Last week was a good example of when worlds collide: covering the ALCS as a field analyst, writing columns for SI.com after each game, writing essays for the FS1 pregame show on Justin Verlander and Gerrit Cole, writing an essay for the Fox college football pregame show on the Oklahoma-Texas rivalry, and writing a 7,000-word SI feature on Tom Seaver.
Through your successful career, which was your favorite postseason to cover?
It might be the 1986 postseason because of the epic comebacks: Boston stole the ALCS out from under poor Gene Mauch and the Angels, and the Mets turned around and did it to the Red Sox in the World Series. The best postseasons are the ones when series go their full length. I also hold a special place for the 2001 postseason, because emotions were so raw in the aftermath of 9/11.
In light of the recent layoffs at Sports Illustrated, what next steps do you suggest would revitalize printed sports journalism?
Platforms change and habits change, but there is one thing that always has been true and always will be true: people love a good story well told. The sports journalism space is increasingly competitive, especially with opinion, conjecture and immediacy. But there’s nothing like the engagement with print when you are pulled into the pages of a good story and design.
Do you feel more comfortable doing a story on television where time is at a premium or developing a feature length story for print?
I love doing both and they are very different. Television forces you to pull power out of brevity. You don’t have time to use devices such as foreshadowing or character development. In fact, keeping your comments concise bring more power to them; rambling and veering off into other points actually water down the impact of your original observation or comment. Time on TV does not need to be a glass filled to the brim.
A story in print requires a greater mental investment. When I’m working on an SI feature, that story constantly occupies space in my head even as I’m working games on TV or working in the studio. I’m constantly thinking about words and structure and devices and reporting … writing well is actually more labor intensive than most people think, not in the dirt-under-the-fingernails way but in the constant work of crafting something unique. There’s something artisanal about it, whereas TV is so immediate.
Of the many stories you’ve written through the years, which would you identify as your proudest or most favorite?
The most impactful has to be the 2002 SI special report on steroids in baseball. That story forced the players association to drop its stand against steroid testing and caught the attention of Congress. Years later, I wrote a story about the cost of steroids on clean players, following the arc of minor league pitchers in the Twins’ system, because people didn’t (and still don’t) understand the cost of a dirty game.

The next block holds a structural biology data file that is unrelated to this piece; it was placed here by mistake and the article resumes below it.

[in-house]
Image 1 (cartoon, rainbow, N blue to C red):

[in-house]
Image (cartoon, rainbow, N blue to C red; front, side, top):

The most fun had to be the 2005 story I did about how I played for the Toronto Blue Jays in spring training.
But I’ve always said that if sports have no connection to us as a society, if all that matters is the score, then they are nothing but glorified intramural games. So I have a special place for stories I have done that place baseball in a social context, such as the 2004 Sportsman of the Year story on the Red Sox, for what they meant to generations of fans, and the story I did this year on how two of the last .400 hitters in professional baseball overcame obstacles in and around the game.
Your Fox assignments have been expanded. You’ll now be covering college football. What about the beat excites you?
My father was a highly successful high school football (and baseball) coach, one older brother also was a highly successful high school football coach, and another older brother has been highly successful coaching in the NFL and college, where he is now. He texted me, “About time you got back to your roots.”
Admittedly, baseball is my first love. I never tire of it. In fact, the more I learn the more I want to know. I need to be around the ballpark, with dirt from around the batting cage on my shoes.
But I love the color, the passion and the unpredictability of college football. It’s fertile ground for writing.
Does the public recognize you more as a writer or for your TV work?
In general, people recognize me more for TV work, but most of the specific comments I get are in response to something that I’ve written, either in SI or a book. It’s so cool that the written word can have such an impact.